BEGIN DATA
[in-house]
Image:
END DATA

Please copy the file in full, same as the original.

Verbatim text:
[in-house]
Image: